I love the notion of bookends, of events coming full-circle… of symmetry, I suppose. We’ve been taught to expect it by stories and movies and songs: lovers separated by decades miraculously find one another again, the boy avenges his father and assumes the throne, the traveler returns home after his adventures abroad and restores order… you get the idea. I think the concept has power exactly because it so rarely happens in real life, where time is inexorably linear, the center usually does not hold, and the road generally does not bring you back around to the place you started from. But every once in a while…
Consider this photo that grabbed my attention earlier today:
The two geezers — er, distinguished older gentlemen — standing in the foreground are Bob Crippen and John Young, the legendary space shuttle (and, in Young’s case, Apollo) astronauts who flew the very first mission, STS-1, way back in 1981. Standing behind them, meanwhile, are the crew of STS-135, the final shuttle mission that ended in July of this year. The beginning and the end of the space shuttle program right there, folks. Symmetry.
If you’re interested in specifics, these people are, from left to right: Doug Hurley (STS-135 pilot); Robert Crippen (STS-1 pilot); John Young (STS-1 commander); Chris Ferguson (STS-135 commander); Sandy Magnus (STS-135 mission specialist); and Rex Walheim (STS-135 mission specialist). I found the photo here, among a whole bunch of different poses; I thought this was the most striking.
Incidentally, that’s not an actual space shuttle they’re standing in front of; it’s a mock-up used for training at Johnson Space Center in Houston, Texas… you know, the place that didn’t get to host a real shuttle orbiter despite having been a major part of the manned spaceflight program (“Houston, we have a problem…”) going back decades. I didn’t think too much about that when the shuttle disbursements were first announced, but the more time goes by, the more it bothers me. The Intrepid Museum in New York, as cool as it is, doesn’t really deserve a shuttle. Better they go to places that have an actual connection to the program. (Los Angeles qualifies because the orbiter airframes were built there by Rockwell International.)
Speaking of the museum-bound shuttle orbiters, recent photos of them have been somewhat shocking as big pieces of them are currently missing: the main engines, obviously, but also the orbital maneuvering system (OMS) thruster pods that flank the vertical stabilizer, and the forward reaction control system (FRCS). The FRCS is the set of thrusters visible just below the orbiter’s cockpit windows; removing that system has left a big rectangular cavity in the nose that is even more disconcerting (to me) than the missing engines on the back. But now I see that Discovery, at least, has its FRCS back in place after it was thoroughly cleaned and decontaminated in White Sands, New Mexico.
In other recent news you may or may not have heard about, Boeing has signed a lease with NASA for use of one of Kennedy Space Center’s former Orbiter Processing Facilities. Boeing intends to use the building to manufacture and maintain its CST-100 spacecraft, which are under development and will look something like larger versions of the old Apollo capsules, with seating for seven astronauts instead of three. The CST-100 is intended, like pretty much every other manned spacecraft currently on the drawing boards, to ferry crew and supplies to and from the International Space Station, and also possibly to a privately owned station planned by Bigelow Aerospace. Boeing hopes to send up its first CST-100 by 2015.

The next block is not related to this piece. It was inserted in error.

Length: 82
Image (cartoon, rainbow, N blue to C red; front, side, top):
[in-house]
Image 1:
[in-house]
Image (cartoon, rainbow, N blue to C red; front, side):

Meanwhile, NASA has announced its intention to send up an unmanned test version of its Orion Multi-Purpose Crew Vehicle — another Apollo capsule on steroids — by 2014, as a first step toward sending astronauts beyond Earth orbit again.
But I think the first American spacecraft to get back up there with people aboard is most likely going to be the SpaceX Dragon capsule. There’s a Dragon at Kennedy as we speak, getting prepped for its second unmanned test flight, which is scheduled to launch on December 19. (If you’ll recall, SpaceX orbited a Dragon at this same time last year.) The goal for this next flight was to rendezvous with the International Space Station and then, on a third flight, actually dock with the ISS, but SpaceX is feeling cocky and has asked for permission to combine flights two and three. In other words, they want to go for a docking now. Dragon is currently intended as an automated cargo carrier, but SpaceX has designed the craft so it can reconfigured to carry passengers, and the company is eager to get the vehicle crew-rated. The company’s ambitious founder, Elon Musk, has even said recently he wants to send astronauts to Mars aboard one of his ships by 2020. We’ll see about that — I’ve been hearing my whole life that a manned Mars trip was only a few years off — but after all the melancholy and apparent loss of direction that accompanied the end of the shuttle, it’s good to hear somebody talking seriously about a human presence up there in the black…